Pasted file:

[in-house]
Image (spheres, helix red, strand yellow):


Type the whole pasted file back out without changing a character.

[in-house]
Image (spheres, helix red, strand yellow):